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The ACCU passes on review copies of computer books to its members for them to review. The result is a large, high quality collection of book reviews by programmers, for programmers. Currently there are 1918 reviews in the database and more every month.
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Title:
Software Design with C++
Author:
Steven Reiss
ISBN:
0 471 24213 6
Publisher:
Wiley
Pages:
pp513
Price:
£19-99
Reviewer:
Francis Glassborow
Subject:
beginner's c++
Appeared in:
11-2
This is another text from an academic author. His target readers are students who have already gained a good working knowledge of programming (I find very suspect his suggestion that those who have this by learning Java should be able to cope by supplementing their study of the early chapters with a good C++ text). He assumes that these students will be those who intend to go on to make a career of software development. His intention is to develop a good approach to design issues.

On the credit side is his use of such aspects of C++ as the STL, his coverage of such things as factory methods and the numerous summary statements. Each of the latter is placed boldly in a box so that it stands out from the main text.

On the negative side is the lack of namespace and the quality of some of the advice.

Let me take a couple of examples:

On page 91:

Define both a copy constructor and an assignment operator for any class that is to be passed as a structure.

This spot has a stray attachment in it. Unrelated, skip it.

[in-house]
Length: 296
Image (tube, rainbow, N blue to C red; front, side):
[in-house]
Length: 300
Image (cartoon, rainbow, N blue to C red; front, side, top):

Not only do I find that advice overkill, but I also think it misses a much more important point in that classes that are not intended to have instances passed by value should have, at a minimum, a

protected
or
private
declaration of those functions.

On page 78:

Use pointers to represent classes

In an exception-generating environment this advice coupled with the author's advice to use

new
to create instances is a recipe for large scale memory leakage.

Bad advice mixed with good and then offered to students (particularly when many of them will have no access to mentoring from anyone nearly as capable as the author) is dangerous. Experience allows us to select good from bad, but it is in the nature of students that they lack the experience to tell the difference. Initially they tend to take this kind of material as a divine dictate and follow blindly. When they discover some of the errors they swing to the other extreme and throw the lot away.

Rather than pursue this book further when it appears to be such a mixture of good and bad, I have arranged for Kevlin Henney to do a more comprehensive review as much of the content lies in his areas of expertise.

Watch this space